CIPC #65: The cinema snob S11 E13, Mighty muffin pounder rangers

Judging the quality of entertainment is an age-old tradition – probably about half an hour younger than entertainment itself – but it, like so many things, has been profoundly changed by the internet. When people read Hanslick’s review of Lohengrin, they were trying to find out whether it was worth a watch. Nowadays, there are so many people reviewing so many things – and people are interested in them because they are (supposed to be) funny. One of the more popular ones is Brad Jones, who, under the moniker the cinema snob, talks about obscure horror movies, mockbusters, and porn parodies. In one of the latter ones, the title of which I see no reason to repeat, the cinema snob is interrupted by a pedantic know-it-all. Of course, being a pedantic know-it-all, he has a chess board at hand.

In universe, this guy is called Actual Lee1. He is played by Lewis Lovhaug, who has a similar webseries wherein he talks about really bad American superhero comics, of which there seems to be no smaller abundance than of bad representations of chess in popular media.

I’d like to draw attention to the remarkable thickness of the wood. I could understand this if it were one of those boxes which you can fold open to make a board but which have to house the pieces when closed, but I see no trace of a hinge. Maybe it’s one of those fancy boards with a drawer to keep the pieces in. Or maybe there is a hinge and my eyesight – or possibly the resolution – isn’t good enough.

But all of this is immaterial. We only care about the chess. The position is fairly easy to reconstruct. Te only thing I’m not confident about is the piece on b4. I think it is a knight which is turned towards the camera,2 but it might also be a bishop. Assuming I’m right – which is a daring assumption – the position is the following:3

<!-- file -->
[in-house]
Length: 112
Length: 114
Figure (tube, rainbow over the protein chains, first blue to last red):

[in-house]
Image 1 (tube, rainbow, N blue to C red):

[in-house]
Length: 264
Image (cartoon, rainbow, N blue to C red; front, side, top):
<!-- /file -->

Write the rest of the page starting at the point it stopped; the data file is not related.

How did this come about? I don’t mean the fact that white is missing a pair of knights, I mean what on earth was the opening? In what opening does black push neither his d- nor his g-pawn? Queen’s Indian maybe? But even there, black usually pushes at least d6 to increase control over e5 and c5.

And white usually doesn’t push his pawn to h5. That’s more of a Caro-Kann thing. Although, lately, everyone seems to be pushing his kingside pawns. Maybe it’s me. Maybe I’m out of touch. But probably it’s the kids that are wrong.

Realism: 2/5 The position is not so ridiculous that’s it’s hard to reach, so I guess that’s something.

Probable winner: Black. Without his two knights, we would have a very interesting endgame with some winning chances for black. With the knights, it’s going to be boring.

1. [Yes, real Lee.]
2. [Thereby breaking the fourth wall, which might be a very clever joke. Or a coincidence.]
3. [Actually, this diagram was made made with the renowned Apronus chess diagram editor.]